Birth: May 9, 1844, Lancaster, Wabash County, Illinois.
Death: 1927, Girard, Crawford County, Kansas.
Wife: Elizabeth Frazier Ridgely.
Married September 1, 1903.
Burial: Girard Cemetery, Girard, Crawford County, Kansas.
US Congressman. Born near Lancaster, Illinois, he served as a volunteer in the 115th Illinois Infantry Regiment, Union Army during the Civil War and after the war, moved with his brother to Girard, Kansas, in 1869. There he engaged in the general merchandising business known as the Ridgely Brothers and also in agriculture. He abandoned his business in 1876, lived in Ogden, Utah, (1889-93) and then moved back to Kansas. In 1897, he was elected as a Populist to the Fifty-fifth and Fifty-sixth Congresses, serving until 1901. Not a candidate for renomination, he resumed his agricultural pursuits until his death at age 82 in Girard, Kansas.
HON. EDWIN REED RIDGELY, son of William S. Ridgely and Ann Eliza Crowell Ridgely, was born May 9, 1844, near Lancaster, Wabash County, Ill.. His parents were farmers, and he shared the lot of a pioneer farmer's son, helping to clear away the timber, enlarging the farm, replacing the log cabin in which he was born with a brick dwelling, and constructing barns. His education was acquired during the few weeks of winter weather at the district school in the village of Lancaster.
At the age of eighteen, August 12, 18,62, he enlisted in Company C as a private, immediately going with his company into active service, sharing its fate and that of the regiment without asking or receiving furlough or leave of absence to the end of the war ; in the meantime he was promoted to sergeant. During the entire three years his company was never under' the enemy's fire without his presence, rifle in hand, doing his share of the fighting. Sergeant Ridgely had a thrilling experience at the battle of Nashville. While the Union lines were charging the enemy's works and a Confederate battery immediately in front of the 115th was pouring shot and shell into its ranks, a shell struck in front of his position, throwing much earth against him, knocking him down and leaving him for a time unconscious.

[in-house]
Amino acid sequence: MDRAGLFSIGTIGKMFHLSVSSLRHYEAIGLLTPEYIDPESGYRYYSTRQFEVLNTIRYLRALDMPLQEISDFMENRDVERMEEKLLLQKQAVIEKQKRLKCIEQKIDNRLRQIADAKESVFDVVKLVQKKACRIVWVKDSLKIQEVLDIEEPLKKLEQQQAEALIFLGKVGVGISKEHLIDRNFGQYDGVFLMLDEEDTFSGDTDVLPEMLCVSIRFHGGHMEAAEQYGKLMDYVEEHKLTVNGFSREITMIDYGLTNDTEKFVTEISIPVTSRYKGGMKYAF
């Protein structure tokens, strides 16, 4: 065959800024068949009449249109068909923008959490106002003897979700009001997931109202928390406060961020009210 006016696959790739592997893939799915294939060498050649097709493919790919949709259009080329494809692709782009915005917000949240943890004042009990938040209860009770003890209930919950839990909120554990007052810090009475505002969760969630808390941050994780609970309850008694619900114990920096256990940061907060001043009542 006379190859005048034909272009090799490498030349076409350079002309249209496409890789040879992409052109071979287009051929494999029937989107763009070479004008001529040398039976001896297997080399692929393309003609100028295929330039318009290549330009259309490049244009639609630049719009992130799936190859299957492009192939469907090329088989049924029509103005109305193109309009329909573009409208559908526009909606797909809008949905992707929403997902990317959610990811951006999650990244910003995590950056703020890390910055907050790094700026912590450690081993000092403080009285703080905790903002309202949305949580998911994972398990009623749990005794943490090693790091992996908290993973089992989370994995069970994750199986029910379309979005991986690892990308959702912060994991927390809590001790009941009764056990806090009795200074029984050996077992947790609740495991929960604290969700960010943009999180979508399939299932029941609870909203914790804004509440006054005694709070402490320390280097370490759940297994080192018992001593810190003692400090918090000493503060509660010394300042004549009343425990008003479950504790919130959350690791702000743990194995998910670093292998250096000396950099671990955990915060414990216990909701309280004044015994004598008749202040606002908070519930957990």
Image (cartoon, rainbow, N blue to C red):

After some minutes he proceeded to rejoin his regiment, which had continued the charge, and was then halted about 400 feet in advance. As he crawled forward to his company his comrades expressed astonishment, as they supposed the shell had cut his body in two.
After leaving the army he spent a short time with his parents, then participated with others in a contract to build a large school house at Olney, learning the brick mason's trade while thus engaged. Later he attended school at Batavia, Ill., but his health failing, he removed to Girard, Kan., and with his brother Stephen R. Ridgley, engaged in general mercantile business, which they have pursued almost to the present time. In the meantime he carried on the cattle business, making several trips over the trail to and from Texas, California, Oregon and Washington.
In 1896 he was unanimously nominated by the People's party as its candidate for Congress for the 3d Kansas District, and was also nominated by the Democratic party, and after a heated campaign, elected by 4,500 majority. He was nominated and re-elected in 1898, and is now, in 1900, serving in the 56th Congress. At the time of the Civil War he was an abolition Republican, but joined the Greenback party in 1876, because of the financial question, and has continued with its successor, the People's party, and steadily grown more and more positive and favorable to its policy. His present residence is at Pittsburg, Kan.
Authors note . The above was published in 1900.
Authors note. In 1906 he was living in Crawford County, Kansas, in Washington township in section 4, He was a Dairy Farmer and was the proprietor of the Ozark Dairy Farm which was 240 Acres large. His post office address was Mulberry, Kansas, which was two miles east from the farm..